Between 1951 and 1953, Isaac Asi­mov pub­lished three books that formed the now famous Foun­da­tion Tril­o­gy. Many con­sid­ered it a mas­ter­work in sci­ence fic­tion, and that view became offi­cial doc­trine in 1966 when the tril­o­gy received a spe­cial Hugo Award for Best All-Time Series, notably beat­ing out Tolkien’s The Lord of the Rings. Even­tu­al­ly, the BBC decid­ed to adapt Asimov’s tril­o­gy to the radio, dra­ma­tiz­ing the series in eight one-hour episodes that aired between May and June 1973. Thanks to The Inter­net Archive you can down­load the full pro­gram as a zip file, or stream it online:

Part 1 |MP3| Part 2 |MP3| Part 3 |MP3| Part 4 |MP3| Part 5 |MP3| Part 6 |MP3| Part 7 |MP3| Part 8 |MP3|

Before the days of Har­ry Pot­ter, gen­er­a­tions of young read­ers let their imag­i­na­tions take flight with The Chron­i­cles of Nar­nia, a series of sev­en fan­ta­sy nov­els writ­ten by C. S. Lewis. Like his friend J.R.R. Tolkien, Lewis served on the Eng­lish fac­ul­ty at Oxford Uni­ver­si­ty and took part in the Inklings, an Oxford lit­er­ary group ded­i­cat­ed to fic­tion and fan­ta­sy. Pub­lished between 1950 and 1956, The Chron­i­cles of Nar­nia has sold over 100 mil­lion copies in 47 lan­guages, delight­ing younger and old­er read­ers world­wide.

Now, with the appar­ent bless­ing of the C.S. Lewis estate, the sev­en vol­ume series is avail­able in a free audio for­mat. There are 101 audio record­ings in total, each aver­ag­ing 30 min­utes and read by Chris­si Hart. Down­load the com­plete audio via the web or RSS Feed.

Neil Gaiman has emerged as one of today’s best fan­ta­sy writ­ers. He has made comics respectable and pub­lished nov­els, includ­ing one that will be adapt­ed by HBO. A great deal of his out­put, though, has been in the form of short sto­ries, some avail­able on the web in text for­mat, oth­ers in audio.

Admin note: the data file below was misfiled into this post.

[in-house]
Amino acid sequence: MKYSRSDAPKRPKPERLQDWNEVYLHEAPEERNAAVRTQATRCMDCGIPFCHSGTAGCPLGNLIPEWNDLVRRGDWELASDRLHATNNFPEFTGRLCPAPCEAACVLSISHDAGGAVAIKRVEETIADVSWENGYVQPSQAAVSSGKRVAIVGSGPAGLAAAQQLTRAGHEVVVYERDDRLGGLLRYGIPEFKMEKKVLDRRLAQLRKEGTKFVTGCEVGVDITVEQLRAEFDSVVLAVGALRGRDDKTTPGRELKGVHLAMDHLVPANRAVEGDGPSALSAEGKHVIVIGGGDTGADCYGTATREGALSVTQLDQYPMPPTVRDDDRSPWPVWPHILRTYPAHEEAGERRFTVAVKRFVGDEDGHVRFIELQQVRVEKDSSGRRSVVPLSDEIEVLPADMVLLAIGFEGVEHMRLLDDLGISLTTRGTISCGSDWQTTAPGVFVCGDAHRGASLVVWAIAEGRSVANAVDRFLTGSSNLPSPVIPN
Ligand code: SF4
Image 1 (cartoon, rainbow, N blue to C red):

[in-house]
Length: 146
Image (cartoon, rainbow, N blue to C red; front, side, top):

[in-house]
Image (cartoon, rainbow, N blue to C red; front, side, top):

Audio & Video

  • “Har­le­quin Valen­tine” – Free Audio at Last.FM
  • “How to Talk to Girls at Par­ties” – Free MP3
  • “Orange” (read live) – Free Video
  • “Oth­er Peo­ple” (read live) – Free Video
  • The Truth Is a Cave in the Black Moun­tains – Free Audio
  • The Grave­yard Book (a nov­el read live with illus­tra­tions) – Free Video
  • “Troll Bridge” (read live, starts at 4:00 mark) – Free iTunes
  • “A Study in Emer­ald” – Free iTunes

Oth­er Gaiman works can be down­load via’s spe­cial Free Tri­al. More details here.


Between 1982 and 2000, Rudy Ruck­er wrote a series of four sci-fi nov­els that formed The Ware Tetral­o­gy. The first two books in the series – Soft­ware and Wet­ware – won the Philip K. Dick Award for best nov­el. And William Gib­son has called Ruck­er “a nat­ur­al-born Amer­i­can street sur­re­al­ist” or, more sim­ply, one sui gener­is dude. And now the even bet­ter part: Ruck­er (who hap­pens to be the great-great-great-grand­son of Hegel) has released The Ware Tetral­o­gy under a Cre­ative Com­mons license, and you can down­load the full text for free in PDF and RTF for­mats. In total, the col­lec­tion runs 800+ pages.